But who, exactly, do you think you're talkin' to? Mum has LIVED IN MY HOME for 3 years now! I watched her weather major cancer surgery (urostomy) and then I watched her deal with a stroke. She had to learn to WALK again. She spent close to 3 mos. in rehabilitation and nursing homes... and every medical person who dealt with her made sure she knew how much EASIER her weight made her recovery. Fat people in her position rarely leave the rehab. facilities, Agnes.. I watch her struggle every single day of every single week, trying to figure out what day it is to know what compartment to open on her pill boxes... I watch her faithfully pull out the instructions for hooking up to the nighttime urinary collection jug and perform each one carefully... I watch her perform the reverse every single morning of every single day. I have no patience for self-serving whining. I'm too busy with my own life and required chore list.

Mum was a very bright, very creative, very literate woman (a librarian) before the stroke. Perhaps her keen mind and good sense of humor enabled her to look beyond food at a time when she really needed to. I honestly can't say... but I can say that if she was a fat, whiney old blob there would be no way she could have recovered, let alone remain in our household.

    Bookmark   May 6, 2006 at 4:04PM
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Do you understand that some of the elderly have lost their eyesight completely? The optician can't help. Do you understand constant pain? Or the balance problems that make walking impossible? Or pressure sores from sitting or lying because independent movement is impossible? Or perhaps, getting enough oxygen because of lung problems? Your mother is extremely fortunate that her health is as good as it is. The list of health problems for someone her age can be very long.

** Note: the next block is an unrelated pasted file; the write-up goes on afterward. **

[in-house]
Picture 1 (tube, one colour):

Bookmark   May 6, 2006 at 4:29PM
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I have to say that nothing made my mother's life worth living for her in the last few years. After my father died in 99, Mother was miserable. You might cheer her up for a few moments, and she did find commfort in going to Mass every day, but she ached for Dad so very much that nothing made life worth living.

    Bookmark   May 7, 2006 at 12:33AM